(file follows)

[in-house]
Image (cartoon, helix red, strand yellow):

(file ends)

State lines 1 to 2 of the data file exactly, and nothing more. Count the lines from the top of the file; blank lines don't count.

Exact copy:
[in-house]
Image (cartoon, helix red, strand yellow):